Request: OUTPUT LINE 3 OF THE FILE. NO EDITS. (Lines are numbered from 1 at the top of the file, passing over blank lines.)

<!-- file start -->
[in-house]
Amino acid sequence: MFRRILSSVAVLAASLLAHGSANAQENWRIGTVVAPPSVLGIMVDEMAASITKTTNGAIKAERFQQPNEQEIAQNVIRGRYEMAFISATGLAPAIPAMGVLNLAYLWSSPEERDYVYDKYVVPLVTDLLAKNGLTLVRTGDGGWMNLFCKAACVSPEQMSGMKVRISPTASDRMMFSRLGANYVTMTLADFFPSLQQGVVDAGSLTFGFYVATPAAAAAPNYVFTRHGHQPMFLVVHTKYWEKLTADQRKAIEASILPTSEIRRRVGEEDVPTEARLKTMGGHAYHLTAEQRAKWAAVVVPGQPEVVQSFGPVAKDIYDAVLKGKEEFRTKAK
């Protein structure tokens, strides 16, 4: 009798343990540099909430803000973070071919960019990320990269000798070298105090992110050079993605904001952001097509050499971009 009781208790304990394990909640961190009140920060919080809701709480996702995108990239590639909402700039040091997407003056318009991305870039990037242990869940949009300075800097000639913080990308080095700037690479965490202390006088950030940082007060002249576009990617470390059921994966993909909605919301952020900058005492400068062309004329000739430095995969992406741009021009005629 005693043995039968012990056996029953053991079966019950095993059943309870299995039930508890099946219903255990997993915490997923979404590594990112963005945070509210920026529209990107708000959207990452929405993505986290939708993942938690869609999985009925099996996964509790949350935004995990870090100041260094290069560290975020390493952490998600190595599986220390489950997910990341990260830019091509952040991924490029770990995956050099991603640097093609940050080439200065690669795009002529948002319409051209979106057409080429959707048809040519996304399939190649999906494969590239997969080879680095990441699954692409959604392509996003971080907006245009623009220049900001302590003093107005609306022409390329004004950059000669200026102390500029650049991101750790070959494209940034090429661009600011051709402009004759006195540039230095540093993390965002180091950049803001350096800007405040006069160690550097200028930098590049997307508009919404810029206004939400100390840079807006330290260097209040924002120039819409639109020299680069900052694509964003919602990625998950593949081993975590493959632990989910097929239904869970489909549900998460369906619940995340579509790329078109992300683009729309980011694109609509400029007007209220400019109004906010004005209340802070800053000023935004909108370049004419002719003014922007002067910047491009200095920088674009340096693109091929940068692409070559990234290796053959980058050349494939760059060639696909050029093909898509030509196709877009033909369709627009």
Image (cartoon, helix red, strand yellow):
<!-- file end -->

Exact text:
């Protein structure tokens, strides 16, 4: 009798343990540099909430803000973070071919960019990320990269000798070298105090992110050079993605904001952001097509050499971009 009781208790304990394990909640961190009140920060919080809701709480996702995108990239590639909402700039040091997407003056318009991305870039990037242990869940949009300075800097000639913080990308080095700037690479965490202390006088950030940082007060002249576009990617470390059921994966993909909605919301952020900058005492400068062309004329000739430095995969992406741009021009005629 005693043995039968012990056996029953053991079966019950095993059943309870299995039930508890099946219903255990997993915490997923979404590594990112963005945070509210920026529209990107708000959207990452929405993505986290939708993942938690869609999985009925099996996964509790949350935004995990870090100041260094290069560290975020390493952490998600190595599986220390489950997910990341990260830019091509952040991924490029770990995956050099991603640097093609940050080439200065690669795009002529948002319409051209979106057409080429959707048809040519996304399939190649999906494969590239997969080879680095990441699954692409959604392509996003971080907006245009623009220049900001302590003093107005609306022409390329004004950059000669200026102390500029650049991101750790070959494209940034090429661009600011051709402009004759006195540039230095540093993390965002180091950049803001350096800007405040006069160690550097200028930098590049997307508009919404810029206004939400100390840079807006330290260097209040924002120039819409639109020299680069900052694509964003919602990625998950593949081993975590493959632990989910097929239904869970489909549900998460369906619940995340579509790329078109992300683009729309980011694109609509400029007007209220400019109004906010004005209340802070800053000023935004909108370049004419002719003014922007002067910047491009200095920088674009340096693109091929940068692409070559990234290796053959980058050349494939760059060639696909050029093909898509030509196709877009033909369709627009």